Multi-tasking, Chronic Fatigue Syndrome and Fibromyalgia
You might call multitasking the cognitive bane of the chronic fatigue syndrome patient’s world. With their reduced information processing slowing them down, and their lowered working memories not allowing them to retain as much, the last cognitive challenge any person with ME/CFS/FM would enjoy engaging in is multitasking; i.e., trying to effectively manage several tasks at once.
Gudrun Lange, a neuropsychologist who focuses on ME/CFS/FM, simply says don’t multitask – just focus on doing single-tasking better. Johannes Starke’s series of blogs on Health Rising emphasize ways to clear out the mental clutter – leaving room for more organized and calming thought processes. Marco’s blogs about sensory gating and cognitive processes suggest the signal to noise ratio in ME/CFS/FM patients’ minds may just be too low to engage in effective multi-tasking.
People with chronic fatigue syndrome and fibromyalgia, however, are not alone. Seniors, it turns out, display similar types of cognitive issues, and that means that our aging population may end up providing some answers in our search to improve cognition.
One of those answers include, believe it or not, playing video games.
Picture a group of seniors sitting before their computers concentrating on a 3D driving game developed specifically for them by neuroscientists.
What happened next blew more than a few researchers minds and landed this stjudy on the cover of Nature. By the end of the study the worst multitaskers in the world, the seniors, blew the best multitaskers in the world, a bunch of twenty year olds, away. It was no contest.
First, participants of all ages were given extensive cognitive tests. The researchers found that the ability to multitask declines in a linear fashion as we age (as do, unfortunately, other ‘fluid cognitive’ skills such as reasoning (reasoning!) and working memory.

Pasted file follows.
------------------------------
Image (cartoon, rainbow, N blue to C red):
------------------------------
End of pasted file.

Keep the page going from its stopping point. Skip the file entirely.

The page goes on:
Then they were asked to play NeuroRacer, a 3D video driving game, that had them speed up, slow down, turn right and left according to signs that appeared. The game, which was years in the making, was specifically designed by neuroscientists to impact the kinds of cognitive deficits they had.
A month and 12 hours of gaming later, the seniors returned to the lab. They repeated the game while hooked up to an EEG. Not only were the seniors better at the multitasking skills they’d practiced with the NeuroRacer game, but their working memory capacity (the ability to retain information for a short period of time), and their sustained attention (the ability to focus on one task over a period of time) improved significantly, as well. This kind of carryover where improvement in one cognitive skill carried over to another had not been seen before.
“What’s most novel here is other abilities that were not directly trained, such as sustained attention, which is vigilance, and working memory, their ability to hold on to something for a short period of time, also improved,” Adam Gazzaley – lead researcher
Remarkably, after six months of no gaming the seniors still retained many of their cognitive gains. Then when the seniors and 20 years were tested on the same game, the seniors blew the 20 year olds away; not only were they faster but they were more accurate. The seniors had the advantage of playing the game before, but their ability to beat 20 year olds well acquainted with gaming was astonishing.